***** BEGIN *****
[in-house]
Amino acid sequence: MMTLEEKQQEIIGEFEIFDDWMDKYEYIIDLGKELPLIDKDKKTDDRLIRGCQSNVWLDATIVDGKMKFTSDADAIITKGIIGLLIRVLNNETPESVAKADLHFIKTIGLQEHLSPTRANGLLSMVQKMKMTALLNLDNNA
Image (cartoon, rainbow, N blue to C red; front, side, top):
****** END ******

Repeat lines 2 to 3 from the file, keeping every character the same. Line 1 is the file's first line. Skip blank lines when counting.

Amino acid sequence: MMTLEEKQQEIIGEFEIFDDWMDKYEYIIDLGKELPLIDKDKKTDDRLIRGCQSNVWLDATIVDGKMKFTSDADAIITKGIIGLLIRVLNNETPESVAKADLHFIKTIGLQEHLSPTRANGLLSMVQKMKMTALLNLDNNA
Image (cartoon, rainbow, N blue to C red; front, side, top):